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Standards and Conventions

Page history last edited by Andrew Alder 2 years, 6 months ago

This page deals with formatting and the like. For content guidelines, see the Content FAQ. For more general issues, see what TOEOT is not.


See also detailed conventions, tips for contributors and site structure.


The conventions in a nutshell:


  • We list tunings starting from the string nearest to you as you play, so a normal guitar is E-A-D-G-B-E.
  • We number the strings from the string furthest from you, so the second string of a guitar is the B string. No, it's not terribly consistent, is it?
  • We list string gauges according to the string numbers, first string first. EEEK... that's even worse, but it's what every string manufacturer does. Strings (whether steel or nylon) are measured in inches or thou (it's always obvious which it is) so a typical light set of electric guitar strings is .009 - .011 - .016 - .024w - .032w - .042w. The w means wound, and if there's no w it should mean it's a plain string (but may not always, particularly if it's a bass instrument and all the strings are wound).
  • Wherever possible, we use modified Helmholtz notation to specify the exact pitch, so the preferred way of describing a normal guitar is E-A-d-g-b-e'.
  • We use small-case b for the flat symbol, so Bb means B-flat, and the hash symbol for sharp, so F# means F-sharp. This leads to a few places where we need to put in a blank for clarity, and a few places where it's best to break the rule and spell out flat, notably b-flat rather than bb. See detailed conventions.
  • Equal temperament, twelve semitones to the octave, and a' = 440 Hz are assumed unless otherwise stated.
  • Instrument and other names are romanised in whatever way seems most logical at the time, and accents are  most often simply omitted.



While the conventions we use work well most of the time, there are one or two annoying traps we haven't solved yet.


When you see Bb, it means B flat. The octave may be implied or may not, depending on context. It does NOT mean two notes. And similarly Ab etc..


When you see B b it means two notes, the B two octaves below middle C followed by the B above that. And similarly A b etc..


It doesn't happen often, but it's a trap.


The other trap is whether the octave is implied or not when you see a capital letter on its own. If we say c' that always means middle C, but if we say (as we just did) C on its own that might mean the C two octaves below c', or it might just mean C and we haven't said at which octave.


The context should make it plain which we mean, and we hope it always does. That's up to the writer. We hope you'll soon get the hang of it!


(Or if you like, C could mean a note or a pitch class - no let's not go there....)


Actually, one of the main motivations for this site was the problem that so many sites do simply give pitch classes - including and notably most Wikipedia articles. Such a tuning is better than nothing, and also better than a wild and possibly inaccurate guess as to the correct octaves, so you'll find them here too. But ultimately, we want to give all of them in full string-by-string modified Helmholtz notation, to remove any ambiguity.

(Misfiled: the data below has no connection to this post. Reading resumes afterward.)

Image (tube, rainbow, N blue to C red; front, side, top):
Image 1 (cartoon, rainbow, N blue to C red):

Fingerboard extensions and other string length weirdies


If a guitar or bass has a fingerboard that extends one or more strings (most commonly the bottom one(s)) past the normal head nut where most of the strings stop, it gives us a problem. Should we quote the tuning of the extended open string, which is what you get if you just pluck it, or of the string as if it ended at the normal head nut, which is a better indication of what you get if you fret it? No, we don't know either! So the standard is:


  • Within any one page, choose which way to do it and be consistent.
  • Make it clear which it is!


And the same for sitars and banjos which have some shorter (frettable) strings. Resonant strings which are never fretted we just quote the open tuning regardless of length. See fingerboard extensions for more details.



Why don't we just use scientific pitch notation instead of Helmholtz?


Basically, 'cause we're guitarists at heart, many of us anyway. So A7 means A - C# - E - G to us. More serious for this site, C6 means a whole family of popular tunings. But we've been tempted sometimes. We just had to flip a coin, and Helmie got up.


Also I guess D10 could mean the Scientific Pitch Notation for a note that a bat might like, but here it means a pedal steel guitar, or maybe a chord... anyway, as we said, Helmie got up as the standard pitch notation here. The purist might also note that, strictly, the digits in Scientific Pitch Notation should be subscripts... but few people use those.


Helmholtz was designed for musicians, while Scientfic Pitch Notation was designed for acoustics and audiology Either works well for both purposes and both are used for both. Neither of them is wrong, but both have their fans and some of these wrongly think that the other is quite useless. It takes all types. See modified Helmholtz notation for a conversion table from one to the other.



Why don't we just list the strings as numbered?

Good, good, good question!


See how should we number the strings.


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